Although initially defined by the freezing point of water (and later the melting point of ice), the Celsius scale is now officially a derived scale, defined in relation to the Kelvin temperature scale.
Zero on the Celsius scale (0 °C) is now defined as the equivalent to 273.15 K, with a temperature difference of 1 deg C equivalent to a difference of 1 K, meaning the unit size in each scale is the same. This means that 100 °C, previously defined as the boiling point of water, is now defined as the equivalent to 373.15 K.
The Celsius scale is an interval system but not a ratio system, meaning it follows a relative scale but not an absolute scale. This can be seen because the temperature interval between 20 °C and 30 °C is the same as between 30 °C and 40 °C, but 40 °C does not have twice the air heat energy of 20 °C.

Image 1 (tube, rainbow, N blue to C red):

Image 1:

A temperature difference of 1 deg C is the equivalent of a temperature difference 1.8°F.
Fahrenheit is a thermodynamic temperature scale, where the freezing point of water is 32 degrees Fahrenheit (°F) and the boiling point 212°F (at standard atmospheric pressure). This puts the boiling and freezing points of water exactly 180 degrees apart. Therefore, a degree on the Fahrenheit scale is 1/180 of the interval between the freezing point and the boiling point of water. Absolute zero is defined as -459.67°F.
A temperature difference of 1°F is the equivalent of a temperature difference 0.556°C.
Based upon the definitions of the Centigrade scale and the experimental evidence that absolute zero is -273.15ºC